Most entrepreneurs become concerned about competition early on and never quite shake their fears. In fact, besides tax issues and the matter of health care coverage for their employees, a recent survey reveals competition is the biggest concern of small business owners. And most of them are far more worried about the guy down the street than they are about being stomped by some Fortune 500 corporation.
Do Some Sleuthing
If you’re truly concerned about the competition licking at your heels, check their businesses out thoroughly yourself. You need to experience what customers are experiencing there. See how their pricing or product mix or the overall encounter compares with your own. Certain other ways of spying on your competition can be helpful as well, as long as they’re all ethical and above-board. Greg Hamilton, for example, operates a Curves International franchise in Bakersfield, California. One of his best ways of getting qualified leads for his women’s workout facility is to leave “lead bags” at other businesses around town where women can drop a slip with their contact information if they want to find out more about Curves. Well, a competitive club in town has started to do the same thing – so Hamilton isn’t above sneaking a look at how many slips are in his rival’s lead bags versus his own.
Form a “Club”
Even if your business competition is primarily local, every now and then it’s a good idea to see how other companies in your industry, around the region or across the country, are doing things as well. You might even want to create an affiliation of geographically dispersed companies in your industry (therefore ensuring that they are non-competitive with one another) who could help one another immensely because they’re all in the same business and faced with basically the same challenges.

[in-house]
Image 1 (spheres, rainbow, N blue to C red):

Take Some Pre-emptive Steps
If it’s not too late, ward off competition from the start by raising the barriers to entry in your niche. You might try to develop exclusive relationships with distributors of the hottest merchandise in your field, for example, which prevents competition from overlapping your product mix. Or issue a price guarantee that ensures your place is the last one a customer will visit before making a purchase decision.
Re-energize your Customer Base
It’s always going to be true that your best customers are the ones you have. Figure out every way possible to make them even better customers. That probably starts with having a database of information about them – whether you deal with B2B purchasing agents or ordinary consumers – and using it to the hilt. Contact them about new products or with reminders that they’re on your mind (and, implicitly, not on your competitors’). Continually look for opportunities to cross-sell or up-sell.
Get Back to your Entrepreneurial Roots
If you’re going through a period of self-doubt, sluggish sales, or some kind of paradigm-wrenching change in your startup business, scrape everything else away and get back to the bedrock of your business. Recall the spirit and creativity and enthusiasm that led you to startup in the first place, and then do whatever you can do to rekindle those attributes. Maybe it’s simply getting away from the business for a few days to escape your routine, recharge your batteries and get the entrepreneurial juices flowing again. Or maybe it will take a brainstorming session with a handful of your key employees, the way you used to do. Whatever it takes, clear away the fog of war so you can re-engage the insights that made you successful in the first place.
Our Bottom Line
Stop feeling beleaguered or sorry for yourself when competition pops up or starts getting feistier than it has been. Use it as the opportunity you’ve been waiting for to re-examine and revitalize your own startup business.